But the problem is, when a lot of them aren’t too bright, they get educated mainly by the drug companies, the only ones funding ANYTHING in their departments. They hated medicine, and forgot as much of it as possible after going into psych, therefore they aren’t really familiar with medicine even in the minimal way they need to be. This means other docs get patients who had, say, seizures, from an electrolyte imbalance due to a psych med…and the shrink just doesn’t get it. “But Pfizer said it has no side effects.” This gets them a bad name. Using psych meds is pretty much a crapshoot, but made so even more by the types of people practicing psychiatry. Very few of them understand much nuance.

As to my friends in med school who went into psych, I like them a lot. They liked the humanities, the human side of medicine, had interests outside of medicine, and saw the ridiculousness that is so prevalent in hospital medicine. The problem is they burn out hard, lose any idealism that they started with. Some of that is understandable – think of a counselor or psychologist who only dealt with the severely psychotic all day. I assume that some of their patients do get better, are grateful, make changes one can see, and allow their therapist to have meaningful interactions with them. Imagine a psychologist’s job without that.

The brighter psychiatrists end up in research, but most of them are the ones who went into psych because they were grossed out on medicine, but also hate patients, or because they just burn out on patient care. It is also the only place there is any money or prestige, which attracts those seeking ego strokes. Research psychiatrists and drug company ones are usually jerks.

This line of thought has made me think I would probably be better off with a good counselor of another discipline. I just needed this guy to manage meds (which he also doesn’t do very well, but nobody does). And then it was sort of nice, despite all that, to be with someone who had been through medical training and understands how horrific it is. But I’m thinking now that maybe I might be better off with someone who can see it from the outside as sort of sadistic and ridiculous, not someone equally indoctrinated. Give me some reality testing about how crazy it all is.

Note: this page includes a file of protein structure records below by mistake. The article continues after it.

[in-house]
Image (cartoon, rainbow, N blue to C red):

And this guy is very therapy-analysis oriented. I’m still reeling from the bipolar diagnosis, from how crazy I was, how this will affect my life and coming to terms with being “second-rate” or “damaged” on some level…but he doesn’t get that – he thinks that now if I’m balanced out medicinally, it should just fade away, I shouldn’t even be thinking about it.

Also – more and more, family docs are receiving further training in psych, and in some countries, Canada and South Africa at least, there are also advanced counseling trainings for family docs. I think there was one South African family doc I met who was doing a lot of family counseling. I’ve thought of one of those kind of training programs.

Thanks for your thought-provoking question. I guess somehow this blog is getting more and more mental health-oriented with every post.

More hurtful psychiatry

I went to another appointment today, partly to get meds, partly to try to have some kind of useful session. I am in a shitty work environment now, and it’s bothering me, but I didn’t want to waste time talking about it because it is temporary, but he kept poking at that, and once again, ended up being hurtful – describing incidents I’ve discussed in the past with a totally different spin, missing the point of stories I’ve told in the past, etc. One example: I told about my first weeks as a doctor, being in the emergency alone with a terrible resident, and a very sick baby. I was terrified.

I had forgotten I had even discussed this with him. But today, he repeated the story to me, but rephrased it totally differently. “You were just as unhappy then, remember, talking about how there was such a critically ill baby, how thank God you were there to take care of it because everyone else was such an idiot.” Made me out a total narcissist. Believe me, I remember that night well, and I was terrified, not knowing what to do, worried that the resident knew even less than I and also didn’t recognize the seriousness of the situation. I certainly did not think, thank God I was there. In fact, I wished anyone else would have been there except me.

So I wonder – this is what he thinks of me? This is what he hears? It’s a long pattern of him hearing things that are irrelevant (I had forgotten the conversation entirely until he brought it up – it must have been months ago), and missing things that are critically important to me, such as, oh, my saying repeatedly that Cymbalta is making me have suicidal thoughts, wake up at 3 AM crying every day, etc.

I suppose I really should look around. For a woman. Closer to my life experience, more liberal, LCSW or MSW, not one of these dynamic type crap things. Or, once again, quit therapy altogether and go back to this plan. One thing I should not be doing is repeatedly going back and paying money for a situation that hurts me. Yet I do. Sort of like my career, my partner, and everything else in my life.